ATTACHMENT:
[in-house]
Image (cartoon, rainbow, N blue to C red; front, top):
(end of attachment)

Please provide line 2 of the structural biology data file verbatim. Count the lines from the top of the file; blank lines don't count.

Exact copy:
Image (cartoon, rainbow, N blue to C red; front, top):